Cheers!!!
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Old 04-02-2011, 02:46 PM   #5
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Re: Float height

so if the floats are to high would this cause my bike to backfire?
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Old 04-02-2011, 03:36 PM   #6
ccmhunt
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Re: Float height

backfire when.....popping on deceleration...or backfiring on full throttle acceleration.
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Old 04-02-2011, 07:21 PM   #7
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Re: Float height

when its idling lol
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Old 04-03-2011, 12:27 AM   #8
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Re: Float height

Many people do not even understand the difference with a BACKfire and a pop from the tail pipe.

So what one do you have?

Back fire I would lean on the side of being rich on the pilot, a float that is too high, or timing that is off.

John
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Old 04-04-2011, 12:16 PM   #9
Derrty750
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Re: Float height

I think it's coming from the exhaust, and if its from the exhaust what could I do to stop it? I'm planing on synching the carbs when its a little nicer out.
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Old 04-05-2011, 08:43 AM   #10
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Re: Float height

Carb sync could help. Otherwise I would start checking into the cam timing and valve clearance. Maybe new plugs.

John
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Old 04-05-2011, 08:47 AM   #11
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Re: Float height

Quote:
Originally Posted by ccmhunt View Post
What did I leave out?
When reassembling the carbs, I'd strongly suggest that the float bowl gaskets get replaced. They lose their elasticity fast and don't like to seal well the second time.

JR
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Old 08-02-2011, 10:04 AM   #12
mr_D
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Re: Float height

bumping this as i want to refer to it and bring it closer to the top
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Old 08-02-2011, 12:18 PM   #13
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Re: Float height

You know you can subscribe to these threads, rather than bumping them Mr_D?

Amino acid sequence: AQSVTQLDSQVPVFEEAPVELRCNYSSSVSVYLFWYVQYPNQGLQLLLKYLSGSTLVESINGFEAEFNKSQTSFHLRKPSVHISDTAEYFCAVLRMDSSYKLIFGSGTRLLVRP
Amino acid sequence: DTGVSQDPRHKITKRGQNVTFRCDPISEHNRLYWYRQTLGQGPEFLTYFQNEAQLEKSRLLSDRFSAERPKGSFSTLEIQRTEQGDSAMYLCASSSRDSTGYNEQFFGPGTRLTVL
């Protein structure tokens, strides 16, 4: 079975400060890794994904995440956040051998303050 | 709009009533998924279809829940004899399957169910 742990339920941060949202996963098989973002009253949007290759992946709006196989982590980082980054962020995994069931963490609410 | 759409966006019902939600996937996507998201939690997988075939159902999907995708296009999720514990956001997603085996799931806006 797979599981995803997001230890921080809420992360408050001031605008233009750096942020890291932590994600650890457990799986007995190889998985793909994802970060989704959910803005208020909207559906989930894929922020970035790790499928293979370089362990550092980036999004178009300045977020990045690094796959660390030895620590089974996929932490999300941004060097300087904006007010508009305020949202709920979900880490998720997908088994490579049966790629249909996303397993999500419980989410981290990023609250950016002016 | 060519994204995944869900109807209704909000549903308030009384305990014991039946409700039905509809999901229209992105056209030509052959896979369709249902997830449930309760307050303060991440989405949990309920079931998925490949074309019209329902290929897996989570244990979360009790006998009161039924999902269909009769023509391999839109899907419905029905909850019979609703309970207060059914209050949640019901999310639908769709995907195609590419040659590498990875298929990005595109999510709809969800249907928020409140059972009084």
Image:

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Old 08-02-2011, 12:33 PM   #14
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Re: Float height

I vote for making it a sticky !!!!
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Old 08-02-2011, 12:45 PM   #15
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Re: Float height

Quote:
Originally Posted by TT750 View Post
I vote for making it a sticky !!!!
+1

I reckon it should be also.
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Old 08-02-2011, 02:13 PM   #16
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Re: Float height

yeah but subscribing wont bring it back to the top as well
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Old 02-29-2012, 08:37 AM   #17
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Re: Float height

the awesomeness of this post is astounding
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Old 02-29-2012, 10:18 AM   #18
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Re: Float height

to bad he didnt have his black gloves back then
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Old 02-29-2012, 12:31 PM   #19
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Re: Float height

Quote:
Originally Posted by ccmhunt View Post
The floats are sensitive to impact. therefore....if you trailer your bike long distances or drop a carbed bike....check your float height.
If you have an engine loading up and not idling down under hard braking, try lowering float height.
exactly what I do and what I am experiencing.

are there increments to lowering the float height or is it pretty much guess and check? If the latter, that would suck a lot at a track day.
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Old 02-29-2012, 01:26 PM   #20